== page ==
After an isolated retreat at Siwa Oasis, I once again headed back onto the road. This time, the destination was my home in Toronto. The journey from the Egypt’s Western Desert to Canada took me first to Alexandria and Cairo by land, and then Athens and Zurich by air before touching down on the North American soil. I took an 8-hour night bus leaving Siwa at 22:00, and arriving Alexandria in early morning the next day. I sat beside a friendly old lady who kept on offering me peanuts. After some snacks and chat, I felt asleep with my headphone music. When I get up, Alexandria was just minutes away.
Founded in 331 BC by Alexander the Great, Alexandria is the largest city by the Mediterranean and the second largest city in Egypt. In the Classical era, the city was well known for the Lighthouse of Alexandria, one of the Seven Wonders of the Ancient World, and its Great Library, the largest library in the Classical World with 400,000 scrolls. The city itself was once the largest city in the western world before overtaken by Rome. Alexandria remained as the capital of Egypt for a thousand years from Ptolemaic Egypt, throughout much of the Roman and Byzantine era until the Muslim conquest in 641 AD, when the political centre of Egypt was shifted to Cairo. By that time, the magnificent city that once rivaled Rome and Constantinople was already largely plundered and destroyed. In the modern age, Alexandria regained a part of its former glory as an important port of international trading, connecting Egypt and its products (such as Egyptian cotton) to the outside world.
In the 2nd century BC, Hellenistic poets and historians came up with a list of marvelous sights to be recommended for ancient tourists in the Greek and Roman world. These seven sights of impressive construction and architectural genius became what we now refer to as the Seven Wonders of the Ancient World. Of the seven iconic landmarks, only the Great Pyramid of Giza, the oldest of them all, remains standing today. Known as the Pyramid of Khufu, the Great Pyramid is the largest and oldest of the three pyramids in Giza. Together with the Great Sphinx and surrounding pyramids and tombs, the Great Pyramid and the Necropolis of Giza have been widely recognized as the cultural symbol of Egypt for thousands of years. For the ancient Greeks and Romans, the Great Pyramid had already been around for over 2,500 years. To them, the pyramid was as ancient as the Parthenon is to us. Not to mention that the Great Pyramid was the world’s tallest man made structure for over 3800 years. No wonder why so many have considered the Great Pyramid as a symbol of human civilization. To say we were overwhelming excited as our car was approaching the Giza Plateau was not an overstatement.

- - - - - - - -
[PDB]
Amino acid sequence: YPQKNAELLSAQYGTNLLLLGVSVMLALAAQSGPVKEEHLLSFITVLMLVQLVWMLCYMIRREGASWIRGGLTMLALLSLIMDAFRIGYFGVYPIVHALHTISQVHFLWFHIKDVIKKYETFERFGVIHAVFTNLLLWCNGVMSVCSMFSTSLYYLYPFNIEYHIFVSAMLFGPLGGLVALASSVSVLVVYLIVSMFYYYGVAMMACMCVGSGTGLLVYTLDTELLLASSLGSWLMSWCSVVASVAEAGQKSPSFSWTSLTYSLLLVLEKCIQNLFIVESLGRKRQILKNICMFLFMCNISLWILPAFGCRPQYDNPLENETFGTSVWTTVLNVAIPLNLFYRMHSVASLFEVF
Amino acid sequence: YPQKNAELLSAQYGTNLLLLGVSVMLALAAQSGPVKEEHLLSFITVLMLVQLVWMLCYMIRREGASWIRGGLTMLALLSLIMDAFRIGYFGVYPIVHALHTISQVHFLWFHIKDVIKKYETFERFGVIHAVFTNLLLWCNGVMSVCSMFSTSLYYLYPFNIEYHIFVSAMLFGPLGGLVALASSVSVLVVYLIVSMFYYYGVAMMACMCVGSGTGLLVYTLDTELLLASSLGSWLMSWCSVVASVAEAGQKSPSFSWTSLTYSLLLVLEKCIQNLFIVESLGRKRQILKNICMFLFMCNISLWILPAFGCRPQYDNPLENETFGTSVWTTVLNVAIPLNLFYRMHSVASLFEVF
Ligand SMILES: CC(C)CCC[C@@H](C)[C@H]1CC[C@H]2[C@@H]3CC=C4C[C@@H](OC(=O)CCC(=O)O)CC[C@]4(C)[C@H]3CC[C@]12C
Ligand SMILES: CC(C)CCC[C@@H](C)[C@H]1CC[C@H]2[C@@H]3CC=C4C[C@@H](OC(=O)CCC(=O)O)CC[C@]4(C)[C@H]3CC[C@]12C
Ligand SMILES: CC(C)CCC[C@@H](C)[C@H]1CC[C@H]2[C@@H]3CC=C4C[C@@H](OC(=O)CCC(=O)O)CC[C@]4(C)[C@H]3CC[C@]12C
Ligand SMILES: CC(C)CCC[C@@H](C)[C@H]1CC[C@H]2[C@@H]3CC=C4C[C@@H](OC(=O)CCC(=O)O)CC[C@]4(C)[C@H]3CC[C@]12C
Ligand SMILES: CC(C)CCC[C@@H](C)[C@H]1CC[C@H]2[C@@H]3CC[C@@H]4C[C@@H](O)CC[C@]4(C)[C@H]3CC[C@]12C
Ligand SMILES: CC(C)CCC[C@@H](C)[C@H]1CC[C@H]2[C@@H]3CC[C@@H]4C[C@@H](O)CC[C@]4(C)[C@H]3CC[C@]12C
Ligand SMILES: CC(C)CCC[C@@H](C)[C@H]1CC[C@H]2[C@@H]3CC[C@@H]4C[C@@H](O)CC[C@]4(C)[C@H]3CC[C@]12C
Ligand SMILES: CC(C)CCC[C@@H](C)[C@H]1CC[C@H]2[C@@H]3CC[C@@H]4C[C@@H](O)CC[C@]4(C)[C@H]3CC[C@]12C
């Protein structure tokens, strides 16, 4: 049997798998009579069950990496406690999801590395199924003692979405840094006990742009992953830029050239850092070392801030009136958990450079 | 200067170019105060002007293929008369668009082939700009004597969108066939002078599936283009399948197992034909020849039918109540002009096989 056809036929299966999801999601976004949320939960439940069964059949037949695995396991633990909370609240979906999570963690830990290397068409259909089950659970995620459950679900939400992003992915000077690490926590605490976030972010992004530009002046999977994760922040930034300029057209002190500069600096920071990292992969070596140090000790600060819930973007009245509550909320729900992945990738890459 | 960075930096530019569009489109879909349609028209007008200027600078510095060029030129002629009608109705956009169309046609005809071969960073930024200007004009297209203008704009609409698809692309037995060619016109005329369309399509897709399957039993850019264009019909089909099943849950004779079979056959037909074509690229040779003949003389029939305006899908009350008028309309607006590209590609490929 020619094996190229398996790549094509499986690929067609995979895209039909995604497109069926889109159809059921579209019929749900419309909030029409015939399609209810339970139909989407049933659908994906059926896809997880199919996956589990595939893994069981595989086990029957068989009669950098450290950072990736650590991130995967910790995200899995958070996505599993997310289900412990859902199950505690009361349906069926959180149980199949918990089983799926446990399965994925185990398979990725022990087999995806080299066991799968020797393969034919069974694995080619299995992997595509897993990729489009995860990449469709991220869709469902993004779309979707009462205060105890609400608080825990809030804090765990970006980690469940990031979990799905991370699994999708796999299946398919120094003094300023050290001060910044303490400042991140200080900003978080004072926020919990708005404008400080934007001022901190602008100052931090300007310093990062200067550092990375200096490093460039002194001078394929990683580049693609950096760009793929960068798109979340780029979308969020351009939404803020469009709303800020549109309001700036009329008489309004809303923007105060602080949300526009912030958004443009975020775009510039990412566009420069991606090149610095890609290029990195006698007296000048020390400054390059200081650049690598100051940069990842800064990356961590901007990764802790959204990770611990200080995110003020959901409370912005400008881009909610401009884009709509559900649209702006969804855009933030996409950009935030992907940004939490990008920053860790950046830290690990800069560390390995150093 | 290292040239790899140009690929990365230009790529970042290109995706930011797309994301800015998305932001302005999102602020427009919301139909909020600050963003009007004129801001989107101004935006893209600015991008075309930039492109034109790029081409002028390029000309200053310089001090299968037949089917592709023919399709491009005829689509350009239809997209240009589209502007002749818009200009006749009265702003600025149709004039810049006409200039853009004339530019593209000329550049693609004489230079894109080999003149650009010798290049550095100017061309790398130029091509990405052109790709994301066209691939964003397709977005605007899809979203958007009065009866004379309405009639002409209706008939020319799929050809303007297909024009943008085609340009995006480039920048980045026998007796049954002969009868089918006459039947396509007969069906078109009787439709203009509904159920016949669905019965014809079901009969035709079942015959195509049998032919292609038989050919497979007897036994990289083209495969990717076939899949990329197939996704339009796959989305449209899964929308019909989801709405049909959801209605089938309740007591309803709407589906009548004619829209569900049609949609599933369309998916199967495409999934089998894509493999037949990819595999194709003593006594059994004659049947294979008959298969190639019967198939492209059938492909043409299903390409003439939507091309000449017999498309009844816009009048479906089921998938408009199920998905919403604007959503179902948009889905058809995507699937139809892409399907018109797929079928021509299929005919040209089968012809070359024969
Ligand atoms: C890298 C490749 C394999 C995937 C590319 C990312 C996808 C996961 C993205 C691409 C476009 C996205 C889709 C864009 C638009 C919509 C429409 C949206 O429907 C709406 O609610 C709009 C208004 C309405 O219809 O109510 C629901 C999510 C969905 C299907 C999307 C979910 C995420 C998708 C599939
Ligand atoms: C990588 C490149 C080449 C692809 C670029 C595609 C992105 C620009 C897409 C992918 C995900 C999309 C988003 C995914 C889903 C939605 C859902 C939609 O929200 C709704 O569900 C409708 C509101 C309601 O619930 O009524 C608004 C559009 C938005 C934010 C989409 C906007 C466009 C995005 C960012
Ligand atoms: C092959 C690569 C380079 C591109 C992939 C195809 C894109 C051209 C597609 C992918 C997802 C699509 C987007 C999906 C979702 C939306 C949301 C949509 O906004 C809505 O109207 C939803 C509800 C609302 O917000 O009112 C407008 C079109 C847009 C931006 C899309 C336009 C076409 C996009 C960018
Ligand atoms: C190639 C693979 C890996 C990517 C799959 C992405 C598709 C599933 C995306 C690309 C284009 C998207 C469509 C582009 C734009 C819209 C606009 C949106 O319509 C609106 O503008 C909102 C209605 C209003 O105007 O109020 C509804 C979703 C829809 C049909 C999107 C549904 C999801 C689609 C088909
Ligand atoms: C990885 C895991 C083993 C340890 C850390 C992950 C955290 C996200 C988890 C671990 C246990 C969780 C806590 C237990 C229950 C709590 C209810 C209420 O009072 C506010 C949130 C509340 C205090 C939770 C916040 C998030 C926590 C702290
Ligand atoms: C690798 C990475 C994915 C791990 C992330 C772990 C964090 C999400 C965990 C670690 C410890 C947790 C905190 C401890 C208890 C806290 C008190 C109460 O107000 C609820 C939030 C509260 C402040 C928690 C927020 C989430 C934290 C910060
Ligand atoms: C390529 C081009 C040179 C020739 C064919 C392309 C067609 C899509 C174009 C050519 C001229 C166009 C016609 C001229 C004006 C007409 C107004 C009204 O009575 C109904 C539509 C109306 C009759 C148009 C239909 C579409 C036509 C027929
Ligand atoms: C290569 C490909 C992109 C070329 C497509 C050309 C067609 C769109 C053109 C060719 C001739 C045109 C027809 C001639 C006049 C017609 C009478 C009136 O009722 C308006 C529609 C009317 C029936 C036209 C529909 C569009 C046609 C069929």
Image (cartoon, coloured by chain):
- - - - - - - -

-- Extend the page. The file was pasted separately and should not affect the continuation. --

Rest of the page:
After Saqqara and Dahshur, our visit to the necropolises of ancient Memphis brought us to the Giza Plateau, the world famous site of the Great Pyramid, at the edge of the Western Desert. The site of the Great Pyramid complex is quite large, despite its close proximity to the city of Giza. Unlike promotional images depicting the Great Pyramid in the middle of desert, in reality the Giza pyramids stand awfully close to modern roadways and bounded three sides by low-rise building blocks. The site was crowded with tourists as expected, so as plenty of pushy camel handlers. Completed at around 2560 BC, the 146.5m Pyramid of Khufu, or commonly known as the Great Pyramid of Giza, is the largest Egyptian pyramid in the world. 2.3 million blocks of limestone and granite were used, some of which weighing up to 80 tonnes. The pharaoh’s tomb lies in the heart of the enormous structure. Not far from the Great Pyramid stands the iconic Sphinx. The limestone statue depicts a reclining lion body with a human head, which many believe was the representation of Pharaoh Khafre. As the son of Pharaoh Khufu, Khafre was also a prominent pyramid builder. His pyramid in Giza is the world’s second largest.
Standing furthest at the southwest of the complex is the smallest of the three pyramids in Giza: Pyramid of Menkaure. In the 12th century, the second Ayyubid Kurdish Sultan of Egypt attempted to demolish the pyramids of Giza. His recruited workers started with the Pyramid of Menkaure. The task proved to be too difficult and expensive that the attempt was stopped after eight months of hard labour. Due to the sheer size of the stone and the surrounding sandy environment, the workers only managed to remove one to two stone blocks a day. After eight months, they only managed to create a vertical cut on one side of the small pyramid in Giza. This might explain why the Great Pyramid remains as the sole survivor of the Seven Wonders of the Ancient World. After 4,600 years, only the outer layer of stone cladding was gone. The structural integrity of the Great Pyramid appears to remain invincible at our times.